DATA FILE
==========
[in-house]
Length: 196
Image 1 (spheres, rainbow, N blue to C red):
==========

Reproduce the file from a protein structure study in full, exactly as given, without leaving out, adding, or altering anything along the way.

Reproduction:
[in-house]
Length: 196
Image 1 (spheres, rainbow, N blue to C red):